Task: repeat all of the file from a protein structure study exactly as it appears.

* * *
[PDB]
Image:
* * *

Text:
[PDB]
Image: